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Posted on Fri, Jun. 11, 2004


These local mothers of invention are seeing household needs and building a better cake cutter, or buffet tray, or beach towel...

By Diane Goldsmith

Inquirer Staff Writer

You're at a party and doing the usual juggle: plate of food in one hand, drink in the other - standing, sampling, sipping, and schmoozing at the same time.

If only you could grow another hand...

Consider the Buffet Genius, from Wilmington-area housewares juggernaut Debbie Meyer. The Genius is a kidney-shaped footed tray that will secure a plate and a drink; its vertical column for silverware extends underneath to form a handle.

Three thousand sets were snapped up in a matter of minutes when it debuted on QVC last month.

Buffet Genius is the 11th new product from Meyer, better known for her multimillion-selling Kake-Kut'rs, which you can find everywhere from supermarkets and upper-end department stores to Target and Wal-Mart. In their most popular form, they're essentially two wide knives joined to form a "V" for slicing neat servings of cake without touching it.

Low-tech yet ingenious. Words that could also describe a product created by New Jersey's Tina Marie Connors.

Towel Down is a beach towel designed to stay put in the wind (thanks to corner pockets you can weight with sand). It also conceals valuables and converts to a tote bag or backpack.

The product, still in the early stages of its launch, has done well online and reaped exposure at entertainment events and trade shows, said Connors, at 39 a relative newcomer to the entrepreneurial game.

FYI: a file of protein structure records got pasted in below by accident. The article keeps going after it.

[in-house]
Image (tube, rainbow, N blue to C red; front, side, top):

Both women exhibited earlier this year at the International Home & Housewares Show in Chicago, and demonstrate how much opportunity there is for the inventively inclined, said Debbie Teschke, spokeswoman for the sponsoring trade association. "If you come up with an idea that offers a solution, you can be very successful with your product."

Yes, indeed. Meyer says her Housewares America corporation could rack up as much as $60 million in sales this year, between QVC, infomercials, catalogs, retail stores, and online offerings. Products include the origami-like Fancy-Foldz pre-folded napkins, Sheet Hearts to keep restless sleepers' bedcovers in place, Shoe Bees shoe coverings to protect floors and carpets, and Kake-Sav'rs to vacuum-seal baked goods so they last longer.

Still more are due this year.

A small Everywoman-type photo of Meyer, 53, appears on her packaging for stores. Like a latter-day Betty Crocker?

"Betty Crocker wasn't real," says Meyer, who worked as a merchandising executive for a large cosmetics firm before meeting her husband, South African-born entrepreneur Neville Meyer, in New York 25 years ago.

"He needed people to run his businesses," says Debbie, who did market research to determine how best to target consumers for his travel accessories and auto-seat covers. All of which proved invaluable after she gave birth to their son, David, 13 years ago, and as a stay-at-home wife and mother had time to develop a long-percolating idea of her own.

"I never liked it when people would touch a cake and lick their fingers and I'd be the next person to get a piece," she recalls.

So seven years ago, Meyer began making drawings and had a metal shop rough out her idea for a cake cutter. After considerable Internet research, she and her husband found a knife factory in China to fabricate samples. Then, the tough part began.

Cake cutters went back and forth to the Far East a few dozen times for the better part of a year to get just the right weight, springiness, blade and handle thickness.